PS130m bill for lease scandal; CITYDESK For live business news visit Housebuilders revenue hit by pay-off cost.
Byline: SIMON READ
THE leasehold scandal that engulfed housebuilding firm Taylor Wimpey earlier this year has led to a 24 per cent slump in their profits.
A PS130million compensation bill to pay for their rip-off leaseholds meant profits dived 23.7 per cent to PS205million in the first six months of the year.
paying Many homebuyers who bought properties from the builders between 2007 and 2011 were forced to sign a leasehold contract that contained an outrageous doubling clause.
It meant their ground rents, which are paid to the freehold owners of the property, doubled every 10 years.
The shocking price increases would eventually leave leaseholders unable to afford to pay the rent and the terms were so bad that homes were unsellable.
Taylor Wimpey flogged the freeholds to third parties and the PS130million compensation bill will go towards paying off freeholders, who will no longer be able to line their pockets via the rip-off clause.
up Pete Redfern The company said they expect the payments to customers to be "spread over a number of years", adding: "The process of negotiation with the owners of the freeholds to these leasehold properties is ongoing."
MPs called the scandal the "PPI of the housebuilding industry".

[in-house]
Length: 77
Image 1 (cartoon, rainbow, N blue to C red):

It may spread to other housebuilders who had similar rip-off leasehold deals.
The scandal forced the Government act last week when they agreed to ban the sale of leasehold new-build homes and pin ground rent at a peppercorn rate.
Stripping out the leasehold provision, Taylor Wimpey's pre-tax profits climbed 25.7 per cent to PS335million.
They completed 6580 homes, a 9.3 per cent increase from a year earlier, and said average total selling prices climbed 6.3 per cent to PS253,000.
Boss Pete Redfern glossed over the scandal by saying "our first-half performance has been strong".
But analysts at Killik & Co downgraded the company's shares, saying: "We do not believe the current valuation reflects the potential for further liabilities in relation to unfair leasehold practices."
PAYING UP Pete Redfern